Poetry, perhaps even more so than prose, is deeply personal in both the writing and the reading. When it hits the mark its effect can be visceral. In a sizeable collection such as Sincerity there will likely be certain poems that do not resonate quite so deeply. Structure and use of language can still be appreciated even when the intended significance remains elusive or opaque.
The issues explored in this collection travel through personal memories to a wider worldview. There are allusions to Trump – ‘Gorilla’ is particularly amusing – and other powerful figures from taught history. In common is their narcissism and view of the insignificance of those who have served them, whether by choice or coercion.
From ‘The Ex-Ministers’:
“And when they are here, they are unseen;
Chauffeured in blacked-out cars to the bars
in the heavens – far, glittering shards –
To look down
on our lucrative democracy.
Though they have bought the same face,
so they will know each other.”
The lack of empathy in certain politician’s reactions to Grenfell is compared to Aberfan.
The homeless and cruelty of factory farms warrant separate mentions.
Other historic figures featured include kings and queens of old. ‘What Tennyson Didn’t Know’ posits that Queen Victoria could have used her grief at widowhood as a disguise, enabling her to live a life previously denied.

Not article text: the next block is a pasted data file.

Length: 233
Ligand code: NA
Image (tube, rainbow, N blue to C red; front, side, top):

Literary notables also feature. ‘Charlotte‘ imagines the frustrations felt by the Brontë sister of that name.
“the prose seethes, will not let you be, be thus;
bog-burst of pain, fame, love, unluck. True; enough.
So your stiff doll steps in the dollshouse parsonage.
So your writer’s hand the hand of a god rending the roof.”
Amongst the more personal musings are reflections on the passing of time. In remembrances from childhood there are poems reflecting the boredom and mischief of holidays, and the dryness of schooldays:
From ‘Dark School’,
“Dark school. You learn now – the black paintings
In their charred frames; the old wars;
the voiceless speeches in the library,
the fixed equations – ab invito.
Above the glass roof of the chemistry lab,
insolent, truant stars squander their light.”
A parent laments their empty nest. A grown child experiences their parent’s death. Shade and influence are cast from beyond the grave.
‘Burgling‘ is a clever take on the rarity and value of silence for a writer – a reflection on a retreat taken despite the business of other commitments.
“I steal a silver sonnet and leave sharpish”
Although love and relationships are recurring themes these are never sugar coated. The faults of parents are remembered alongside their more positive attributes. Gardens and woodland spark cherished memories.
In ‘Physics‘, a marriage avoided in the past is regarded as a wise decision. Alternative scenarios are imagined that do not proceed to the much vaunted happy ever after of the institution.
“You walk towards me across the terrace,
all I want of love
in that world –
correct when you promised
all would be well. Well,
then again, I feign sleep at your footfall
and we are in Hell.”
Death is considered in several of the poems but not feared. The paths walked by the famous are visited with interest but also in the knowledge that it is the cemetery that now holds their names.
The collection closes beautifully with the titular poem, spare and elegiac.
“I look up
from the hill at Moniack
to see my breath
seek its rightful place
with the stars
and everyone else who breathes.”
Any Cop?: This varied collection contains much of note – the humour and sagacity lifting the wide ranging musings; their broad scope remaining grounded and at times piercing. It is an enjoyable if not always easy read. Complex, colourful and humane, it is a worthy swansong for Duffy’s tenure as Poet Laureate.